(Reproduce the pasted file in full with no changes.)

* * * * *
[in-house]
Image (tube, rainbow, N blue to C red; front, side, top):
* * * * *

[in-house]
Image (tube, rainbow, N blue to C red; front, side, top):